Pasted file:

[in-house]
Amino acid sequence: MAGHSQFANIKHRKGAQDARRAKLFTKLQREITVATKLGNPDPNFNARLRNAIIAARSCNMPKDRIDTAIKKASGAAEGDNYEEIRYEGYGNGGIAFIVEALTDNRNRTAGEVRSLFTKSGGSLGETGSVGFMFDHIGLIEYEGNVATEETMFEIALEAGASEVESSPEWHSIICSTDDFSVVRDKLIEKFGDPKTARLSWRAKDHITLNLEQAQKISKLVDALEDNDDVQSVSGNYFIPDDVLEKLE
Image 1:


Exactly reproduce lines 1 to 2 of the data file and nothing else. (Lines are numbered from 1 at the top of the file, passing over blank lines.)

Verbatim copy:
[in-house]
Amino acid sequence: MAGHSQFANIKHRKGAQDARRAKLFTKLQREITVATKLGNPDPNFNARLRNAIIAARSCNMPKDRIDTAIKKASGAAEGDNYEEIRYEGYGNGGIAFIVEALTDNRNRTAGEVRSLFTKSGGSLGETGSVGFMFDHIGLIEYEGNVATEETMFEIALEAGASEVESSPEWHSIICSTDDFSVVRDKLIEKFGDPKTARLSWRAKDHITLNLEQAQKISKLVDALEDNDDVQSVSGNYFIPDDVLEKLE